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Walmart’s NYC Ambitions Spark Dueling Rallies

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A Walmart customer enters a store in Oakland, California (credit: Justin Sullivan/Getty Images)

A Walmart customer enters a store in Oakland, California (credit: Justin Sullivan/Getty Images)

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NEW YORK (1010 WINS/WCBS 880/AP) – There were dueling rallies on the steps of City Hall on Tuesday, with one group voicing opposition to the opening of a Walmart store in New York City and the other in favor.

Led by Council Member Charles Barron and chanting “Walmart must go,” opponents charged that the retailer exploited workers and said its addition would strangle the local economy, 1010 WINS’ Senior Correspondent Stan Brooks reported.


1010 WINS Reporter Stan Brooks at the protest


WCBS 880 Reporter Rich Lamb finds out why protesters don’t want Walmart in NYC

“Any retail can give us jobs and lower prices. And we’re not getting lower prices so that you can bring in a plantation and give us slave wages,” Barron said at the morning news conference.

A couple of hours later, Dr. Divine Pryor, of the Center for NuLeadership on Urban Solutions, led a rally in favor of bringing a Walmart store to the area.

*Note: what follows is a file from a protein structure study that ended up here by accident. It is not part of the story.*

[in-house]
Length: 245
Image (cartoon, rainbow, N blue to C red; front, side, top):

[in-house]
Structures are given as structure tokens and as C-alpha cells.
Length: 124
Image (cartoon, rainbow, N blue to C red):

“Jobs equal public safety. Jobs equal public health. Jobs equal economic stimulus. Jobs equal opportunities for individuals to be integrated back into their community,” Pryor said.

Walmart is again trying to open stores in New York City after failing twice because of community opposition, tweaking its message and its strategy.

Steven Restivo, a spokesman for the Bentonville, Ark.-based Walmart Stores Inc., told The New York Times in its online edition Sunday that the retailer is looking at sites throughout the city.

“There is a business case to be made for our growth in large cities across the country,” Restivo said. “We know we have customers there, and we know we want to make access to our brand more convenient.”

Still others were not convinced, including one woman at the morning rally who said “we need good paying jobs, not minimum wage jobs.”

“We need employers that treat their workers fairly, not stores that discriminate against women and minorities,” she said.

But Rev. Leonard Hatter said Walmart would be able to help some city residents to come out of economic hard times.

“Provide us with jobs, Hatter said, “once you provide us with jobs, you provide us with a place to live.”

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